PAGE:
Those are our emails, not hers. What is she hiding?

“Maybe Hillary Clinton Should Retire Her White House Dreams: Maybe she doesn’t want to run in 2016, top Democrats wonder. Maybe she shouldn’t,” former AP journalist Ron Fournier, National Journal, today.

Related: “Michelle Malkin compiles history of administration’s ‘unorthodox’ email methods,” today at Twitchy.

Update: At the risk of serving Vodkapundit-worthy levels of shots and chasers, have another round:

 

Susan Rice speaks to AIPAC, the American Israel Public Affairs Committee policy conference today, and you won’t believe what happens next! (Sorry.) As Twitchy notes, “The highlight of her speech was undoubtedly the standing ovation she received for acknowledging the desire for a complete halt to Iran’s nuclear enrichment program. The look on her face while waiting for the cheers to die down so she could add ‘but’ and finish her sentence: priceless:”

John Podhoretz responded, “So without a deal, Rice is saying, Iran will build a bomb. Also, with a deal, Iran will build a bomb. This is really astounding.” And Twitchy also quotes Bloomberg’s Dave Weigel, who tweeted, “Before Susan Rice got up to speak at AIPAC, the video screens played friendly reminders not to boo anybody.

Last night, Roger L. Simon asked, “Will Obama’s Iran Deal Be the Worst Deal Ever Made?” That is, if it even comes to pass:

 I don’t enjoy making predictions because I’m usually wrong, but this is what I suspect will transpire as of Sunday night, March 1.  A deal ultimately will not be made.  Khamenei never wanted one in the first place, only to mark time for more nuclear research.  To make a deal would, for him, undermine too many years of hating America, undercutting the rationale for his hideous regime.  BUT… Israel (specifically pushy Netanyahu), not Iran,  will be blamed for the failure by the U.S. administration and its MSM minions, led by the New York Times.  Iran will collude with this, dropping the proper hints — if it weren’t for those Israelis we would have had an agreement, but you know they can’t be trusted.  The Republican presidential candidates will be swept up in this. They better be ready, but I fear they are not.  They don’t impress me as a particularly sophisticated bunch on the international front, I’m sorry to say, and the Iranians know how to play disinformation-hardball almost as well as the Russians.  I hope I’m wrong in all this. I hope Netanyahu knocks that same hardball out of the proverbial park and with it some sense into the American public.  But I worry.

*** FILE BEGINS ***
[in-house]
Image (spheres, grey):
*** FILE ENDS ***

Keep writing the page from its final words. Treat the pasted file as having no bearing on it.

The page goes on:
And for ever-increasing good reason.

Related: We know that, to paraphrase Sean Davis, Elizabeth Warren is off the reservation when it comes to Netanyahu’s speech tomorrow. So where does Hillary stand?

hillary_blackberry_3-2-15-2

In this Oct. 18, 2011, file photo, then-Secretary of State Hillary Rodham Clinton works from a desk inside a C-17 military plane upon her departure from Malta, in the Mediterranean Sea, bound for Tripoli, Libya. (AP Photo / Kevin Lamarque, Pool, File)

“Ever wonder why multiple investigations of the Benghazi attack failed to turn up much from Hillary Clinton’s e-mails?” Ed Morrissey asks at Hot Air:

So did the House Select Committee investigating the attack on the facility and the failures that led to it. To their surprise, the Secretary of State had conducted all of her e-mail on a private account rather than an official State Department account — and her aides had carefully culled only the e-mails they wanted investigators to see. The New York Times’ Michael Schmidt dropped that bombshell earlier this evening:

Hillary Rodham Clinton exclusively used a personal email account to conduct government business as secretary of state, State Department officials said, and may have violated federal requirements that officials’ correspondence be retained as part of the agency’s record.